¯1 0 1∘.⌽⊂currentGeneration
 0 0 0 0 0   0 0 0 0 0   0 0 0 0 0
 0 0 0 1 1   0 0 1 1 0   0 1 1 0 0
 0 0 1 1 0   0 1 1 0 0   1 1 0 0 0
 0 0 0 1 0   0 0 1 0 0   0 1 0 0 0
 0 0 0 0 0   0 0 0 0 0   0 0 0 0 0

Now we can use a similar trick but rotate up and down by using APL's First Axis Rotate function . Used with an Outer Product this gives us a series of 9 grids:

     ¯1 0 1∘.⊖¯1 0 1∘.⌽⊂currentGeneration
 0 0 0 0 0   0 0 0 0 0   0 0 0 0 0
 0 0 0 0 0   0 0 0 0 0   0 0 0 0 0
 0 0 0 1 1   0 0 1 1 0   0 1 1 0 0
 0 0 1 1 0   0 1 1 0 0   1 1 0 0 0
 0 0 0 1 0   0 0 1 0 0   0 1 0 0 0

 0 0 0 0 0   0 0 0 0 0   0 0 0 0 0
 0 0 0 1 1   0 0 1 1 0   0 1 1 0 0
 0 0 1 1 0   0 1 1 0 0   1 1 0 0 0
 0 0 0 1 0   0 0 1 0 0   0 1 0 0 0
 0 0 0 0 0   0 0 0 0 0   0 0 0 0 0

 0 0 0 1 1   0 0 1 1 0   0 1 1 0 0
 0 0 1 1 0   0 1 1 0 0   1 1 0 0 0
 0 0 0 1 0   0 0 1 0 0   0 1 0 0 0
 0 0 0 0 0   0 0 0 0 0   0 0 0 0 0
 0 0 0 0 0   0 0 0 0 0   0 0 0 0 0

The grid in the centre is our original grid, and the others give the neighbours above, below, left, right and diagonally.

Now we can find out how many neighbours each cell in the original grid has by summing the corresponding elements in each of the 9 grids. For a live cell this will give us 1 more than the number of neighbours - e.g. a '4' in the result means a cell has three neighbours. For a dead cell the result is just the number of neighbours:

      +/,¯1 0 1∘.⊖¯1 0 1∘.⌽⊂currentGeneration
 0 1 2 2 1
 1 3 4 3 1
 1 4 5 4 1
 1 3 3 2 0
 0 1 1 1 0

For a cell to exist in the next generation, one of two rules must be met:

This means that all cells which might be live in the next generation will have a sum of 3 (from the first rule) or 3 or 4 (from the second rule).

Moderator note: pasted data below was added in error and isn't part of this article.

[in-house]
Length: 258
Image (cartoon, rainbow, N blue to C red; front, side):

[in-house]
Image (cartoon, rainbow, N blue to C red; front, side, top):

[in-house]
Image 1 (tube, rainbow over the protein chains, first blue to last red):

So we're interested in cells with a sum of 3 or 4, which we can find as follows:

     3 4=+/,¯1 0 1∘.⊖¯1 0 1∘.⌽⊂currentGeneration
 0 0 0 0 0   0 0 0 0 0
 0 1 0 1 0   0 0 1 0 0
 0 0 0 0 0   0 1 0 1 0
 0 1 1 0 0   0 0 0 0 0
 0 0 0 0 0   0 0 0 0 0

The next step is best understood by first considering the two scores 4 and 3 separately

(a) A score of 4 corresponds either to a live cell with three neighbours or a dead cell with four neighbours. Only in the former case do we get a cell in the next generation - i.e. we get a cell if the score is 4 AND the cell is currently live. Here we're using APL's And function, ^

    (⊂currentGeneration)^4=+/,¯1 0 1∘.⊖¯1 0 1∘.⌽⊂currentGeneration
 0 0 0 0 0
 0 0 1 0 0
 0 1 0 0 0
 0 0 0 0 0
 0 0 0 0 0

(b) A score of three corresponds either to a live cell with two neighbours or a dead cell with three neighbours. In either case we get a cell in the next generation:

      3=+/,¯1 0 1∘.⊖¯1 0 1∘.⌽⊂currentGeneration
 0 0 0 0 0
 0 1 0 1 0
 0 0 0 0 0
 0 1 1 0 0
 0 0 0 0 0

We can write this slightly redundantly by AND-ing with 1 (meaning "AND the cell is alive or dead") for reasons which will become apparent shortly:

      1^3=+/,¯1 0 1∘.⊖¯1 0 1∘.⌽⊂currentGeneration
 0 0 0 0 0
 0 1 0 1 0
 0 0 0 0 0
 0 1 1 0 0
 0 0 0 0 0

So the next step is to say that a cell is live if either test (a) OR test (b) is met. We need to use APL's Or function, . We could write this rather long-windedly as:

     (1^3=+/,¯1 0 1∘.⊖¯1 0 1∘.⌽⊂currentGeneration)∨(⊂currentGeneration)^4=+/,¯1 0 1∘.⊖¯1 0 1∘.⌽⊂currentGeneration
 0 0 0 0 0
 0 0 1 1 0
 0 1 0 1 0
 0 0 1 0 0
 0 0 0 0 0

But we can take advantage of APL's Inner Product operator to do the AND operations of each test and then OR the result - the ∨.^ in the following:

     1 currentGeneration∨.^3 4=+/,¯1 0 1∘.⊖¯1 0 1∘.⌽⊂currentGeneration
  0 0 0 0 0
  0 1 1 1 0
  0 1 0 0 0
  0 1 1 0 0
  0 0 0 0 0

The final expression ends with a bit of housekeeping using ↑↑ to turn the result back into a simple array (it's currently nested).

External links


CategoryShowcases

GameOfLife (last edited 2011-01-16 15:35:48 by KaiJaeger)